Broxton Bird, Ph.D., associate professor of earth sciences in the Purdue School of Science at IUPUI is one of the recipients of the 2021 Research Frontiers Trailblazer Award.
Established in 2010, this award recognizes outstanding IUPUI researchers who show promise in becoming nationally and internationally known for their research and creative activity. It is given to associate professors within the first three years of being appointed or promoted to that title.
Bird, who focuses his research on paleoclimatology, earned the award for his international climate change research focused on three geographical areas: the Colombian Andes, Tibet, and right here in the Midwest. He expects his research will help us understand the impact climate has had on humans, humans have had on climate, and the positive changes we can make going forward.
I hope that my work helps people appreciate how complex and interconnected the Earth’s climate system is.”Broxton Bird, Ph.D.
“I hope that my work helps people appreciate how complex and interconnected the Earth’s climate system is. How even small changes can propagate through the system to effect real and significant changes that can have far reaching and unanticipated impacts,” explains Bird. “I also hope that my research serves to highlight how we as humans have been affected by climatic changes in the past and how we as a society have impacted the climate and environment.”
Bird’s research in Colombia focuses on topography and climate change. The high Andes store monsoonal precipitation and supply it to surrounding regions throughout the year, like a water tower. Bird is looking at sediment samples from high and low elevation lakes to determine how water resources in the Andes responded to temperature changes in the past, as this will help better understand how they will respond to future warming.
Bird’s research in Tibet uses lake sediments to look at how climate changes over the last 11,700 years impacted Indian summer monsoon (ISM) precipitation.
Like the Andes, the Tibetan Plateau serves as water tower, providing fresh water to more than 1 billion people in South Asia. “My research efforts are aimed at improving predictions of how the Indian summer monsoon will respond to continued warming, which has direct implications for the more than 2 billion people who depend on it for essential fresh water,” explains Bird. “To do this, I am developing records of key climatic variables, including effective moisture, the amount of precipitation, and landscape erosion from lake sediment archives.”
Midwest and Mississippian period
Bird is working on several projects in the Midwest. First, he’s investigating climate variability over the last 16,500 years. Specifically, he’s looking at the balance between precipitation/evaporation and things like changes in Earth’s orbit, ocean circulation, and abrupt events like volcanic eruptions. This research will help better forecast how increases in temperature can impact the frequencies and intensities of droughts and rain/snow systems.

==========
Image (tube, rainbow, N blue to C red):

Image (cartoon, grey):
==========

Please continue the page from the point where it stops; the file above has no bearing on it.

Bird is also looking at how climatic changes have impacted the landscape by comparing flooding and channel migration data to paleoclimate data.
“I am working to understand the climatic processes responsible for landscape evolution in the Midwest, which is useful for predicting how continued climatic changes are likely to impact flooding frequencies and erosion patterns,” says Bird.
Finally, he’s working with archaeologists and geomorphologists to investigate human interactions with climate and the landscape. He’s hoping to better understand what role climate, drought, and pollution played in the population changes and ultimate collapse of the Mississippian from 1000 to 1450 CE.
Although Bird has always felt a strong connection to the outdoors and the natural world, it wasn’t until college that he knew he wanted to pursue a career in earth sciences.
“At the end of my freshman year at Hamilton College, I took a six-week field mapping course. We spent two weeks in upstate New York and the East Coast and four weeks out west,” explains Bird. “This experience was an amazing introduction to geology as a field of study. I was hiking every day in the beautiful Colorado Rockies mapping interesting geological features. It was the perfect combination of my interests in science, nature, and adventure. There was no looking back after that summer field course!”
It was during this time as an undergraduate, Bird recognized his passion for understanding the Earth’s past and predicting the future.
“I learned that Earth’s climate has also constantly been in flux and that some of these changes had directly impacted life on Earth, including the rise and fall of civilizations,” says Bird. “I also came to understand that we as humans were changing the climate in ways we couldn’t fully comprehend.”